Percheron Draft Horses

Percheron's are direct descendants of the first horses. By the 17th century horses produced in Le Perche had attained widespread notoriety and were in demand for many different uses. The Percheron of this time showed less scale and was probably more active. He stood from 15 to 16 hands high.

In the early 19th century the French government found a stud at Le Pin for the development of the army. In 1823, a horse named Jean Le Blanc was foaled in Le Perche and all of today's Percheron bloodlines trace directly to this horse.

Percherons were first imported to the United States in 1839, by Edward Harris of Moorestown, New Jersey. The stallions, Normandy and Louis Napoleon, were imported to Ohio in 1851. Louis Napolean was later sold into Illinois and wound up in the hands of the Dunham family who were instrumental in forming the Percheron Association.

Thousands of Percherons were imported to America in the last half of the 19th century, and importations continued up until World War II. The Percheron quickly became the favorite of both the American farmer and the teamster who moved freight on the nations city streets. The Percheron was so popular that by 1930, the government census showed that there were three times as many registered Percherons as the other four draft breeds combined.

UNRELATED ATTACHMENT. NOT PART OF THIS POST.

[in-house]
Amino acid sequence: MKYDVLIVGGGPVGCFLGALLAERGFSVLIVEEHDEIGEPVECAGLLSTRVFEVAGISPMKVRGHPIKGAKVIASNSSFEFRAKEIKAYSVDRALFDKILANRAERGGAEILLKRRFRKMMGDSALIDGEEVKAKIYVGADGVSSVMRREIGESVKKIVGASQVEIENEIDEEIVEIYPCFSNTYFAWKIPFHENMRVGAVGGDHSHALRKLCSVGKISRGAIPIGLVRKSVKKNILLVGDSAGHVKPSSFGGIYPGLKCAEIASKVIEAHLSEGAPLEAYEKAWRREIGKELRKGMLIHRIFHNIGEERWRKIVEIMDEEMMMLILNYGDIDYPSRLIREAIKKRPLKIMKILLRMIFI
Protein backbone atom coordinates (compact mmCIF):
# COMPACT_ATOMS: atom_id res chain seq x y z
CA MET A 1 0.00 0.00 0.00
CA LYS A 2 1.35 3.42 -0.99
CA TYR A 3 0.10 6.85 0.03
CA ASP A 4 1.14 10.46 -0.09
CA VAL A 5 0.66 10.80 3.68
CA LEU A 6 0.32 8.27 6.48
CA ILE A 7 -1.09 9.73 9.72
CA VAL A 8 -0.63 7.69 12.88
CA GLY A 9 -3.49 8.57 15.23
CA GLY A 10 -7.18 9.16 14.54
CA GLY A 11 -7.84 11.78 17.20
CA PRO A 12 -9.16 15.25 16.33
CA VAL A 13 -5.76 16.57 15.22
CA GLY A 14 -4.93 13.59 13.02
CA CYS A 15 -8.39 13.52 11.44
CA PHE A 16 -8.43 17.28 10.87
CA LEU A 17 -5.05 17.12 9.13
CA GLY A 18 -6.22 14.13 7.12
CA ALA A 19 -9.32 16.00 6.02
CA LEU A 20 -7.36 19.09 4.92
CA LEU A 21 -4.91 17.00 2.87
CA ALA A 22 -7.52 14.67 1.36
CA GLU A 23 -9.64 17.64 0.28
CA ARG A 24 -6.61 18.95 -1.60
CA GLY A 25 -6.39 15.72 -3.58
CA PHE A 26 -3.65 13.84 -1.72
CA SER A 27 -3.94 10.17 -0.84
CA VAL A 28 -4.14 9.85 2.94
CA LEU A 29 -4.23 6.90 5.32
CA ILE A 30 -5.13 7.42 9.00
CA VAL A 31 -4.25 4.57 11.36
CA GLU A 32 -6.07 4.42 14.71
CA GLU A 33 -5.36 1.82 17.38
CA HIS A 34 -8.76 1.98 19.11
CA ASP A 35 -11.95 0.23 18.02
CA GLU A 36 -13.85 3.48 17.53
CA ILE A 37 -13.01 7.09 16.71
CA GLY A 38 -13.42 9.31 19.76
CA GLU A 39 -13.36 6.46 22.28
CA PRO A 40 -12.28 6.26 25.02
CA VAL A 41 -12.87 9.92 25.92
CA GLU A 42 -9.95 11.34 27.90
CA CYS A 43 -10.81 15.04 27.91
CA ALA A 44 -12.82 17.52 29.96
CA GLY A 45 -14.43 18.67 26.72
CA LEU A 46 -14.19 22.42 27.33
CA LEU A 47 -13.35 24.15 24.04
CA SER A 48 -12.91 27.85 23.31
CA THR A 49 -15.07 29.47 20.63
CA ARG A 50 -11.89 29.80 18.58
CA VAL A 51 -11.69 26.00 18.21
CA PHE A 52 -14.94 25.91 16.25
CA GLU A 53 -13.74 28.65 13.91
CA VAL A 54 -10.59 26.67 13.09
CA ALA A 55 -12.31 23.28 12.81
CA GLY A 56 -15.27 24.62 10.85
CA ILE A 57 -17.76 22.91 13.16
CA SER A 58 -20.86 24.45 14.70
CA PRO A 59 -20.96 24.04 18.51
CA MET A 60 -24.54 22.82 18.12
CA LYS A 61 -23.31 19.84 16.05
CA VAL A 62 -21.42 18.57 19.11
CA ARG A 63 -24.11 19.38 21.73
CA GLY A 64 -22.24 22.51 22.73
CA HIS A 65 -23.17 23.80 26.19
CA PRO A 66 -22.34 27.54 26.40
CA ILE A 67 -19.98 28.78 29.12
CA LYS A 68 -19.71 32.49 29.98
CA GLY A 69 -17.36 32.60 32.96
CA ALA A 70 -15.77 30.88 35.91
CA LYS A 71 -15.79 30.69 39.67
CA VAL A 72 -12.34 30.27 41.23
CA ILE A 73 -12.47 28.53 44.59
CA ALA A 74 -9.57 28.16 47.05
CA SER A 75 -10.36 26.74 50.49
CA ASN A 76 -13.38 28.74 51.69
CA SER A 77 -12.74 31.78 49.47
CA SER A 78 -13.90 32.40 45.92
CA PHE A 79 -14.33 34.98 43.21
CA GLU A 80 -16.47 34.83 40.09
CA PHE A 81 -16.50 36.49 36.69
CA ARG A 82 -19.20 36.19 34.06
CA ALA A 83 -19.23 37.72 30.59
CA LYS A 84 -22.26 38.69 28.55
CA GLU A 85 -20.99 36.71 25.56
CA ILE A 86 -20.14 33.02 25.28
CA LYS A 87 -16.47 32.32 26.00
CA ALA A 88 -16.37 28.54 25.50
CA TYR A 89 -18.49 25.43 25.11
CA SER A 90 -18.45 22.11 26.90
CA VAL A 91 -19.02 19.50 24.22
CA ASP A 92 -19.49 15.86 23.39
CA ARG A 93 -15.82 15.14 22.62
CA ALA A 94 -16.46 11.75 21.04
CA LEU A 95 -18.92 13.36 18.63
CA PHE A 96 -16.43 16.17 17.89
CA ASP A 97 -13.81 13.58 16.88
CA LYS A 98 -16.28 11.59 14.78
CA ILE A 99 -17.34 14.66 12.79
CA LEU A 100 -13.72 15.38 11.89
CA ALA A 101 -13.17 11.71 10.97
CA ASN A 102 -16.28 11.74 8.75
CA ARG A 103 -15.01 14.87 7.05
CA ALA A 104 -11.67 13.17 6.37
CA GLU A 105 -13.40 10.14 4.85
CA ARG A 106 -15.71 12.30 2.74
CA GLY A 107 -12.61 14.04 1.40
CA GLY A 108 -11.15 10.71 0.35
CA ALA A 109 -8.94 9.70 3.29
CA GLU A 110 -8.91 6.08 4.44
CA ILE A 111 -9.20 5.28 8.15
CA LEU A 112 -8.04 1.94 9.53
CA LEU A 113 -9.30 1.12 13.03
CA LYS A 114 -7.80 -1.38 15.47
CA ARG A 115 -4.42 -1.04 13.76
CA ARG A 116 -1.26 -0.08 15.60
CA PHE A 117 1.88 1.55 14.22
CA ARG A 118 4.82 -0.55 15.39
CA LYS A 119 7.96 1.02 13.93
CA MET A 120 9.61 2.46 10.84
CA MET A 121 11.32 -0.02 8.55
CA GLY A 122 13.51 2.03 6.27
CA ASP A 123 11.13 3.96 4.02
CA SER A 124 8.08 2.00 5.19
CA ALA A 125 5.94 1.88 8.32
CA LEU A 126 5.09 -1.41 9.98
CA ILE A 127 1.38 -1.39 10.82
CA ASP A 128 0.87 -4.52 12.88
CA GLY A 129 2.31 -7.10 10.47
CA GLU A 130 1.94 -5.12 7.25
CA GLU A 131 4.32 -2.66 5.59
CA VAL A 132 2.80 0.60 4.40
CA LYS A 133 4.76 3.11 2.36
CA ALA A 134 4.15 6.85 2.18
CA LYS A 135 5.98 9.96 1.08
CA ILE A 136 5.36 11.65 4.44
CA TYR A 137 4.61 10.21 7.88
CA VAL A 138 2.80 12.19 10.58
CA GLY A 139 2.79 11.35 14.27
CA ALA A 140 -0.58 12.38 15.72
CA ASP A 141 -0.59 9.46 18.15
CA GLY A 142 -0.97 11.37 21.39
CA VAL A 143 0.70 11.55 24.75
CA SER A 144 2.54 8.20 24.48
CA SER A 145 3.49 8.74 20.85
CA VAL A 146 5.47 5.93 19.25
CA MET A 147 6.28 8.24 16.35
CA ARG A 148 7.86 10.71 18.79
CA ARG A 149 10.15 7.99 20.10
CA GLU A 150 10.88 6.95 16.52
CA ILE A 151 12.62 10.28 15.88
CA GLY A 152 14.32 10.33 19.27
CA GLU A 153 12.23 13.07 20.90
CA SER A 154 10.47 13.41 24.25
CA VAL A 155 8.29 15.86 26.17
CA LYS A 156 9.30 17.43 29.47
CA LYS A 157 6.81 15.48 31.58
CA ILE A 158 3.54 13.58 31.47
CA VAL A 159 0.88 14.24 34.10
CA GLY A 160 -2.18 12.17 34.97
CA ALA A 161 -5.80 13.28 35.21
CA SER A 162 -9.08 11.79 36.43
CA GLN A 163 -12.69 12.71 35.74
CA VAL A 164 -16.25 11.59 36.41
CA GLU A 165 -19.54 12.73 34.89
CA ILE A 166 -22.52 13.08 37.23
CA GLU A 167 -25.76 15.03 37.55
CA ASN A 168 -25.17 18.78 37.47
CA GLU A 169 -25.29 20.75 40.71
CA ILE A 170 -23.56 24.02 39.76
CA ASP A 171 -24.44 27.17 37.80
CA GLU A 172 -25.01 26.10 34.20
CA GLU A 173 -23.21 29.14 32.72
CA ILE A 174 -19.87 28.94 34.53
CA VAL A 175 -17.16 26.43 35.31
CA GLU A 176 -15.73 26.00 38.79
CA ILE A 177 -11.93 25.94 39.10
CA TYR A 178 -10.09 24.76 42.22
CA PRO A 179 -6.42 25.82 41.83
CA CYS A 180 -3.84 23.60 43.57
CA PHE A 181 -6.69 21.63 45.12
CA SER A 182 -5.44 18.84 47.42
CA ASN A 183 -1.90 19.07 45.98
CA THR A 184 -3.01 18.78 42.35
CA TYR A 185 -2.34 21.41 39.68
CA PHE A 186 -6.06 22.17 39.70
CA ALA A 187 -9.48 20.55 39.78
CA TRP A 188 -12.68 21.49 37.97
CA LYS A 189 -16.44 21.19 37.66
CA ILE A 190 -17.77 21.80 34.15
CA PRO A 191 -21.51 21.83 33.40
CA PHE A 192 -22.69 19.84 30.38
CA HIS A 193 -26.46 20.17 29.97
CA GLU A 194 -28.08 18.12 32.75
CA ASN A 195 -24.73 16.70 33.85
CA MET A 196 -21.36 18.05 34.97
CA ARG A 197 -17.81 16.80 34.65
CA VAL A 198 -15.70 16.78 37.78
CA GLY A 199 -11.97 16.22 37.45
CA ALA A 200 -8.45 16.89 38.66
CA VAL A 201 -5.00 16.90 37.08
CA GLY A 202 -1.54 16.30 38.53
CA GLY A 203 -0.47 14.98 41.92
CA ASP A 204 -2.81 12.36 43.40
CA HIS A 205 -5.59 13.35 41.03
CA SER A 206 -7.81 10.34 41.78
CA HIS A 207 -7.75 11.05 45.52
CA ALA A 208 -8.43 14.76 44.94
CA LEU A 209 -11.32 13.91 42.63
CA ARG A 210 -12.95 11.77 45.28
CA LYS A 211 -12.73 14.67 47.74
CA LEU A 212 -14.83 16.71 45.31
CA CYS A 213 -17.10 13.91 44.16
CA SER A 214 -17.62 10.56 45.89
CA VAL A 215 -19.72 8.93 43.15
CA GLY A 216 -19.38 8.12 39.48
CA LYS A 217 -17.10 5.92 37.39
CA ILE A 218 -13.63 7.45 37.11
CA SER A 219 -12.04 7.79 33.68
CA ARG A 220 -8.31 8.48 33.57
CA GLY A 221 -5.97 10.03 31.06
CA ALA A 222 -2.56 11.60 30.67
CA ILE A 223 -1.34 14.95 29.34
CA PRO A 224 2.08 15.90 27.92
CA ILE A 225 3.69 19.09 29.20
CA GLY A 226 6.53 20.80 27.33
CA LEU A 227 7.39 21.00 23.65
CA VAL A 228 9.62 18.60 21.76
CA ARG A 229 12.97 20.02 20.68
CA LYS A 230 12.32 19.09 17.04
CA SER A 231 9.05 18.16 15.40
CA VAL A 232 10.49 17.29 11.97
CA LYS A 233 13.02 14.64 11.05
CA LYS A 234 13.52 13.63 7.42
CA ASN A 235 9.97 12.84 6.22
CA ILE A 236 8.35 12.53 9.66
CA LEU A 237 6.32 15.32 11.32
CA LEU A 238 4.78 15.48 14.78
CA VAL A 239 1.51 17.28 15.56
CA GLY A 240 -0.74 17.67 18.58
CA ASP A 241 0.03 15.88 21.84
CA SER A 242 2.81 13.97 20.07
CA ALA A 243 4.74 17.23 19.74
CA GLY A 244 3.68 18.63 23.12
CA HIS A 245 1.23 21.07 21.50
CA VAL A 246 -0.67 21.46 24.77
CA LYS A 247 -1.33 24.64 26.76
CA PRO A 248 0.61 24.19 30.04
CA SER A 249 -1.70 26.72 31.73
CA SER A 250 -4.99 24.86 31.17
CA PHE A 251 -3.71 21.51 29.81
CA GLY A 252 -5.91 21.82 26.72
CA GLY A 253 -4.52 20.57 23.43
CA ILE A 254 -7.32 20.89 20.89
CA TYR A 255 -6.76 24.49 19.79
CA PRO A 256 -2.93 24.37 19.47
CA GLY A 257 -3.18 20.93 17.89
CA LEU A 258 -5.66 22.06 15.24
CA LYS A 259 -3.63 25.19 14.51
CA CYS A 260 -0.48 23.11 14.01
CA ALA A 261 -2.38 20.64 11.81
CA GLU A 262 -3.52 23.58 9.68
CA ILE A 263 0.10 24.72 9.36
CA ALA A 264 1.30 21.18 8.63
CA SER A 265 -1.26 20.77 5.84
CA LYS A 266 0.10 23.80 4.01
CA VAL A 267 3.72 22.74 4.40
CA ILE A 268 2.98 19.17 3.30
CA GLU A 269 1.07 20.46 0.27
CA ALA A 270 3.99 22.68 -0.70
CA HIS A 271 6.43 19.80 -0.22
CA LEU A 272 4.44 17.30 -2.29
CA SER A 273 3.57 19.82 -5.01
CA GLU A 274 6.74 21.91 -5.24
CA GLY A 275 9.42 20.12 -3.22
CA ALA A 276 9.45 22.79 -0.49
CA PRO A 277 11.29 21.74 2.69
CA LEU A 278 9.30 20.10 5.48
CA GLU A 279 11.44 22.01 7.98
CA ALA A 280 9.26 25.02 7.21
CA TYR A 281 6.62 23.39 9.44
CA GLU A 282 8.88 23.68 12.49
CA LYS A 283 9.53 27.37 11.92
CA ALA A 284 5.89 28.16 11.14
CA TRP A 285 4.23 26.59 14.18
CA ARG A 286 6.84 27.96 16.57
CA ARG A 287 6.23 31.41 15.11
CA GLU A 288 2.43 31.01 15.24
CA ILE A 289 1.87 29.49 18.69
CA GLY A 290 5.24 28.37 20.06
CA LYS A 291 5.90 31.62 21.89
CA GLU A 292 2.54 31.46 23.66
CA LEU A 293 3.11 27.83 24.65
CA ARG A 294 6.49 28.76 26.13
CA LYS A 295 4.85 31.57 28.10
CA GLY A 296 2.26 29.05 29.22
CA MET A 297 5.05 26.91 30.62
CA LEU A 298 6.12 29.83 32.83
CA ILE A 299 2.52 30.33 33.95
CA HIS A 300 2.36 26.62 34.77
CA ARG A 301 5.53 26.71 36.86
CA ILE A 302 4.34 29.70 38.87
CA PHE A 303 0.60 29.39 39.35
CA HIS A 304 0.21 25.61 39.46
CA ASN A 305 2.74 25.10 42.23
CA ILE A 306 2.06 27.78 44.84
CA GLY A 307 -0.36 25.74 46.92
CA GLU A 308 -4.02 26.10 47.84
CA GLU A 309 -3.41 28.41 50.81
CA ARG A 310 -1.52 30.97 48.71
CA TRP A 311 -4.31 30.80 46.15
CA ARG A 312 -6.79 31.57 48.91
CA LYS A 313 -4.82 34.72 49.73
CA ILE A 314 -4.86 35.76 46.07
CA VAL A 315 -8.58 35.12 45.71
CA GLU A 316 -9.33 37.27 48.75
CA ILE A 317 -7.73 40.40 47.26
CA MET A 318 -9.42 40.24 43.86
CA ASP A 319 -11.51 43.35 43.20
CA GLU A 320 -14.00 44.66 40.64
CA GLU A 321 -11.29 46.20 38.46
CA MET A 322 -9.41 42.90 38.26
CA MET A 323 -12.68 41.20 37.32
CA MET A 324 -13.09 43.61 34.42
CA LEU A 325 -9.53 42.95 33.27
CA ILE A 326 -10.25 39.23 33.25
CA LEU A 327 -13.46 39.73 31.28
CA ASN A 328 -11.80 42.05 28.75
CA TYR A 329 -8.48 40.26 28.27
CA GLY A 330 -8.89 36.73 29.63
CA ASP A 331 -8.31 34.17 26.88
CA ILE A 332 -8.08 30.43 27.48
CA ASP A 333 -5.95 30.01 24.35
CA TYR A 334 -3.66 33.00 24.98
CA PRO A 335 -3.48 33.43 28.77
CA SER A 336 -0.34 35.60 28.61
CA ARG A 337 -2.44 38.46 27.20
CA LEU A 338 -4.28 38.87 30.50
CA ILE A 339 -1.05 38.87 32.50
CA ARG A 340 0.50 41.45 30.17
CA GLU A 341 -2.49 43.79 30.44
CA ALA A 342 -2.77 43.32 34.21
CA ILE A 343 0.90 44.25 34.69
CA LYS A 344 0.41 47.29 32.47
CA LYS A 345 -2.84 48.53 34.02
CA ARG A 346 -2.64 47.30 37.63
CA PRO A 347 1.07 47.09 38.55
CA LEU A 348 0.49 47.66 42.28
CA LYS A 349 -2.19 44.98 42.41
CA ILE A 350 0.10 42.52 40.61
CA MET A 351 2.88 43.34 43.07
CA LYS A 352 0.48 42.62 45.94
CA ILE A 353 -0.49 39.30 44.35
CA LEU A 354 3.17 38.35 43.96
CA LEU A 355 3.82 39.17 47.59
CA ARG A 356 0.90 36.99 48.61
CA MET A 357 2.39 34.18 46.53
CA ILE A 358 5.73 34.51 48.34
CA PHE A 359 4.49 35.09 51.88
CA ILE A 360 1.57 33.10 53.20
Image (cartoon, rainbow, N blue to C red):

Following World War II, the invention of the modern farm tractor nearly made the breed extinct. As America modernized and mechanized, the Percheron was all but forgotten. However, a handful of farmers, including many Amish, dedicated to the preservation of the breed, kept it alive through the next twenty years of the draft horse depression.

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